I am blessed to have followers and supporters who have been asking how I’m doing and noting that there’s not been a great deal of blogging going on. I recently had a talented friend and career/relationship coach (see Jolene Watson’s Clarity Coaching) do a Myers Briggs analysis with me, and found I’m an intuitive thinker. I use that as my excuse – I need to process things before I write about them, and writing about them helps me crystallize and process them. Okay?
For whatever reason, being in the midst of the treatment treadmill has definitely slowed down my writing. That’s a whole post for later on.
For now, quick update. I can see by my blog record that my last post was 161 days ago, and that I was about a week away from finishing six weeks of combined daily radiation and chemo treatments. After that I had a month off from treatment for recovery, and spend most of it suffering through the side effects of tapering off the steroid I’d been on during radiation. Spoiler alert – this steroid did not give me bulging ripped muscles, as I’d rather fancifully imagined it might. Rather, over the three months I was on it, I gained 30 pounds (on a 110 pound frame) of bulging puffiness, a great deal of manic energy that hit between 2 and 11 am, and a voracious appetite (see previous note re weight gain).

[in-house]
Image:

In January, I started a different kind of treatment routine in follow-on chemo. This has involved one week of oral chemotherapy per month, for what will soon be six months. My whole treatment experience divides into neat chapters in my mind: diagnosis and watchful waiting; tumor progression; surgery and recovery; combined radio/chemo and recovery; then follow-on chemo. Each of these is full of experiences I will share in future, in the hope that someone else will find some help in them, and in slavery to my own selfish intuitive thinking processes.
The month of May 2016 is the first time we will see a coordinated brain tumor awareness month between Canada and the US. So we are encouraged to #TurnMayGrey. This will be a month for sharing information and experiences with brain tumors, for patients and caregivers, and for advocacy and awareness building. I ask myself, what better time to breathe a little life back into Greymadder? Stay tuned. For now – I’m still here, and I’m keeping on keeping on!